When you are looking for storage space, unfinished basements — as long as they don’t have water issues — can be ideal. Basements are cool and dark. Their issues are dampness (fatal to food storage), lack of air circulation, and pests. Ventilated wire shelving helps overcome these problems, as does making sure there is an inch of airspace under the bottom shelf. Cleanliness and regular cleaning will help with any pest problems.
Attics are not as easy to access and they can have wide temperature swings from summer to winter. If you have to use an attic, use it to store only things that don’t need a consistent temperature, such as paper towels or toilet paper. If you have other things that could be stored in the attic like seasonal decorations, move them to the attic and free up their space for your canned fruit collection.
Garages, depending on how they were built, can suffer from wild temperature swings, too, especially every time you open the garage door in January. Garages are also on display to the neighborhood for all to see, whenever you open the door. You may not want your neighbors seeing your lifetime supply of laundry soap. Garages have the potential of loads of space but they are usually used to store your cars, automotive products, home improvement and maintenance supplies, and gardening supplies. If you can move all the gardening equipment to a free-standing tool shed, you may be able to free up enough space in your garage for food storage.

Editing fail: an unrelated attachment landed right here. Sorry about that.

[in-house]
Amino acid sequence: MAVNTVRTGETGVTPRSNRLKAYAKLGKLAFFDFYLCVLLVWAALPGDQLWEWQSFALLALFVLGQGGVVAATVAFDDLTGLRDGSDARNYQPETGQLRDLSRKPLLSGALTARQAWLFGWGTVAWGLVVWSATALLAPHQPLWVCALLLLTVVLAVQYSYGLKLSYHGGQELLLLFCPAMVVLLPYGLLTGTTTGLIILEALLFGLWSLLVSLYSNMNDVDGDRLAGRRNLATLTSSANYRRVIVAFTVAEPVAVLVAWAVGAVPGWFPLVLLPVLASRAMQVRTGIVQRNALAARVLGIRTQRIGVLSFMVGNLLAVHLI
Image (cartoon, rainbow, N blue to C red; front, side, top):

Tool sheds are terrible for food storage. They are out of sight and out of mind, suffer from wild temperature and moisture swings, and are almost guaranteed to have bugs and critters. Put all the gardening stuff in the tool shed and free up the garage space for food storage.
In order to use the Pantry Principle to its fullest extent and save the most money and build up a few weeks of food storage, you have to work out where to put all the cans and boxes. Shopping awareness, learning how to read the grocery ads, keeping and using shopping lists, cooking with the food you have on hand, and using a price book are all needed strategies to cut your grocery bill. The Pantry Principle takes you to the next level of organization and money management. This is the level that lets you start saving some serious money and prepare for the inevitable rainy day.
Learning grocery shopping skills are not like learning trigonometry. It isn’t difficult. It just takes time. What it really takes is not moving through the store on autopilot. Add better grocery shopping and food storage skills to your arsenal and see your resilience to life increase.
Next week: Basic Dental Care